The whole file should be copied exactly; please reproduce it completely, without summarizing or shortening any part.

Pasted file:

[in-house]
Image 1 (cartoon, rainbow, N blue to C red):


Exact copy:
[in-house]
Image 1 (cartoon, rainbow, N blue to C red):